Some Considerations for a Raw Dog Food Diet – Part 1
Why Raw Food?
A raw food diet for dogs means feeding the pets without using any commercial processed or cooked food, but only meat, bones and some vegetables. The raw diet principle take into consideration the dog’s ancestral origins, its nutritional needs and eating habits.
Most of the studies made on dog nutrition are ordered or paid for by big pet food companies, so they are not considered trustworthy by the raw feeding community. Even more, these studies are the main source of information also for veterinarians, while there is no solid scientific research done on the effects of the raw food for pets. With little information on dog’s nutrition and with many pets suffering from gastrointestinal diseases, some veterinarians have developed alternative ways of feeding their pets, without using kibbles.
The argument on raw diet started with the fact that dogs are carnivores proven by their anatomy and physiology. Dogs have hinged jaws and sharp teeth; therefore, their mouths were designed to grab and bite off, to ripe, tear and chew large pieces of meat and bone.
Dogs have a short digestive system and the digestive process usually lasts between 8 and 9 hours in adult pets (the process is faster in puppies). The food passes through the oesophagus and gets into the stomach, which is simple, with an undeveloped caecum. The stomach is able to support large quantities of meat, bone, organs, and hide, which are processed with hydrochloric acid and become liquid.
Protein digestion begins in the stomach and continues in the small intestine, where the biggest part of the food is assimilated into nutrients. Dogs have relatively short intestines (around three times the body length). Unassimilated food passes into the large intestine, which is the last stop before the waste is eliminated from the body.
This means that dogs have changed on the outside, but their internal anatomy hasn’t changed with their physical appearance. Even if dogs were domesticated more than 10,000 years ago, their bodies are still designed to process food in the same way they were doing it in the wild. The fact that they are able to digest kibbles and other processed food does not actually mean that this is the healthiest eating option these pets can get from their owners.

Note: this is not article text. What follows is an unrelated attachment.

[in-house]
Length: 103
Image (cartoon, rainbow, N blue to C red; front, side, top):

Studies have shown that gastrointestinal diseases are some of the most listed as the cause of death in dogs (according to Journal of Veterinary Internal Medicine), while the Association for Pet Obesity Prevention reports that 53% of dogs are overweight, which generally causes diseases like diabetes and arthritis. Most of these cases are the result of a lack of information on pet’s nutritional issues and the low quality of most commercial pet food. Even more, feeding the dog exclusively on kibbles seem to cause periodontal
On the other hand, feeding raw food to dogs is a controversial trend. The risks and benefits of raw meat diets haven’t been studied enough and none of the studies done until now is considered relevant, but there is some evidence on advantages when changing the dog’s diet. There are also risks pointed by a large number of veterinarians all over the world. When reading about the main disadvantages, owners must also take into consideration other factors, like the fact that most veterinarians sell dog food and that big dog food companies financially support veterinarians’ associations and schools.
Raw food enthusiasts consider a “natural” diet a healthier one, but all noticed positive changes occur only if the diet is done correctly based on the dog’s real needs. Dogs need protein, essential amino acids, essential vitamins and fatty acids from natural animal sources, fiber and nutrients. Their system doesn’t require high quantities of carbohydrates, as it cannot digest them properly. In fact, it is considered that, back in the wildlife, a dog’s diet was around 56% protein, 25-30% fat and only 14% carbohydrates, and by following a raw diet that respects this ancestral model, the pet’s health and living will improve.
These are some of the changes mentioned by owners who have adopted raw food diet for their dogs:
- Shinier coat and healthier skin
- Cleaner teeth and clean, fresh breath
- Higher energy levels
- Better weight maintenance
- Smaller, almost odourless stools
- Puppies develop in a more appropriate way, quick growth being avoided
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